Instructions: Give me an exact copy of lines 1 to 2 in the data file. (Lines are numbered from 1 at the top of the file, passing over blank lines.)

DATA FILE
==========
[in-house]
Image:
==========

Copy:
[in-house]
Image: